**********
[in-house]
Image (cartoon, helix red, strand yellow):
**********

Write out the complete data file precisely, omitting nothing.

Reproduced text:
[in-house]
Image (cartoon, helix red, strand yellow):